We arrived at the Bison Way trail head and headed out to find the Indian Staircase. Little did we know that taking the path less traveled was about to become the theme of this trip. About 1/8th of a mile onto the trail we decided to take a trail to the left instead of to the right. This steep trail brought us to the base of a ridge and had us staring at yet another vertical chute with roots and rocks. I kind of wanted to head back and take the easy way, but Sarah offered to scout out the top before we committed to taking this way. She said it looked good and gave me a very persuasive grin, so off we went. This trail wasn't even on the unofficial map. It was unofficially unofficial. No photos were taken of this trail, but it wasn't nearly as bad as Double Arch Extension. At this point I decided that the path less traveled is usually more fun anyway. We made it to the top and were able to pinpoint the plateau we were on, which was at the end of an officially unofficial trail. That means it was on our unofficial map.
We took this trail for a short while and stopped for lunch along the way. We knew this would bring us to the top of Indian Staircase instead of the bottom. After lunch we kept going and enjoyed some awesome views of the gorge and Indian Staircase on the other side.
After making our way off one ridge and around to another we finally found ourselves at the top of Indian Staircase. We took some time to relax and enjoy the sights with a rock called "Frog Head."
Then it was time to descend Indian Staircase. Based on the guide book this sounded a bit difficult, and another hiker who had just come up it said the climb down was harder. We found it to be a piece of cake compared to the rock scrambling and bushwhacking we had been doing for the last 2 days. You can see the divots ground into the sandstone to create the staircase.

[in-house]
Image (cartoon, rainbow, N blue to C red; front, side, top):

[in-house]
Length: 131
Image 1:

We had decided at the top of Indian Staircase that we didn't really see any campsites we loved. On the map we saw something called "Chimney Top Rock" a short drive from us. We took the easy trail back to the car and headed for it. On the drive Sarah read the guide book and it said there was a overlook campground close to Chimney Top and only 1/4 mile off the road. We found the trail to it and the view was fantastic. We had views of Half Moon Rock to the left, Pinch 'em Tight straight ahead, and Chimney Top Rock to the right.
Our campsite was about 50 feet back from the overlook, but we hung out and ate dinner on the overlook. It was an incredible site. We were joined by an inch worm and a katydid for dinner.
Dinner was a Mountain House Lasagna for me and macaroni and cheese with salami for Sarah. The sun set behind Chimney Top Rock and we were out like a light.
The following morning was spent having breakfast on the overlook. The temps were a chilly 40F, but we spent a good 3 hours on the overlook watching the sun come up behind us to illuminate the gorge in front of us. Possibly the most beautiful campsite either of us has ever had.
After packing up camp we headed back to the car and drove to the parking lot for Chimney Top Rock and Princess Arch. We spent an hour or so exploring these areas. It was pretty cool to be able to see our campsite from Chimney Top and Princess Arch offered some fun photo ops.
Before heading home we had to make one more stop. I don't think anyone talks about Red River Gorge without mentioning Miguel's Pizza. This is an RRG institution. Not only do they serve great food, but Miguel's acts as a hub for the rock climbers that are ever-present in the Gorge. They have bathrooms, showers, and a large field to camp in so that climbers can come to the area and set up a base camp. We enjoyed a pepperoni/mushroom/onion/pineapple pizza and then headed for home.
Red River Gorge is a MUST VISIT for anyone looking for some of the best camping and hiking in the U.S. It is a unique area that is hard to find in the middle of the country. Sarah and I are already putting together plans for a visit next year.